CAMP RED CLOUD, South Korea — Families of 2nd Infantry Division soldiers deploying to Iraq will take part in a three-day exercise beginning Friday to prepare them for a year’s separation from spouses and parents.

The Desert Strike Family Readiness Exercise, which takes place at Camp Hovey, involves South Korea-based families of soldiers from 2nd ID’s 2nd Brigade Combat Team. About 3,600 members learned last month they’ll be sent to Iraq in late summer.

Many soldiers with U.S.-based families have spent the last two weeks on block leave visiting them and are set to train for the Iraq mission in the coming weeks, officials said. The Family Readiness exercise focuses on soldiers’ families living in South Korea. Most of those families in Area I are not command sponsored.

A range of support groups will provide information during the exercise, including the American Red Cross, Army Community Services, Army Emergency Relief, 2nd ID’s 177th Finance Company and 509th Personnel Services Battalion, the division chaplain, Area One Transportation, Ration Control, Staff Judge Advocate, Tricare and the United Service Organizations.

After the briefings, families will be able to question, and get updated information from, the organizations’ representatives. Russian, Tagalog and Hangul language translators also will be on hand to help.

Meanwhile, workers have begun a $60,000-plus renovation project to establish a new family assistance center at Camp Casey. The facility will be what U.S. Army officials called the “centerpiece of support” for family members affected by the deployment.

The family assistance center will aim to serve 127 families, or 232 people, according to an Area I public affairs statement.

“The center, located adjacent to the Camp Casey Army Community Service building, will provide computers with Internet access, e-mail and web-cam capabilities. Second Infantry Division officials plan to provide quality electronic communications” with deployed soldiers, the statement said.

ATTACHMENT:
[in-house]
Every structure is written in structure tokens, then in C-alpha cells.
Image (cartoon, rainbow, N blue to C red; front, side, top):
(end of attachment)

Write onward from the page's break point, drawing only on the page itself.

The facility is slated to receive 20 cubicle-style workstations with high-speed desktop computers and will feature a toll-free information number, the statement said.

Officials hope to begin 24-hour, seven-day-a-week operations at the facility by month’s end, the statement said.

“We will be able to help with any issues that may arise,” said Col. Thomas Devine, the 2nd Aviation Brigade commander, who will oversee the new facility.

“Our goal is to have the family members of the 2nd Brigade Combat Team pleased with the excellent service and support they receive throughout the operation.”

Devine said establishing the family assistance center is aimed at letting soldiers focus on combat operations and worry less about their families’ welfare.

Brig. Gen. Robert L. Decker, chief of the Army Community Family Support Center, visited South Korea this week to aid in family support preparations for the deployment, the Area I statement said.

In a recent radio interview, Maj. Gen. John R. Wood, the 2nd ID commanding general, said he’s pushing Decker to continue a project he gave him about six months ago.

“This project would create a virtual community for this distributed family that we have. So, we can contact families and keep the information flowing to the group in the United States, and then deal directly here with the families who are going to be staying behind or the families that choose to move back to the United States,” he said.

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Seth Robson is a Tokyo-based reporter who has been with Stars and Stripes since 2003. He has been stationed in Japan, South Korea and Germany, with frequent assignments to Iraq, Afghanistan, Haiti, Australia and the Philippines.

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